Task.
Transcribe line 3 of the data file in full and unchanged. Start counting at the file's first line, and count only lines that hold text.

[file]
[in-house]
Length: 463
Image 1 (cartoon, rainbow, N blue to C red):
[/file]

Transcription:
Image 1 (cartoon, rainbow, N blue to C red):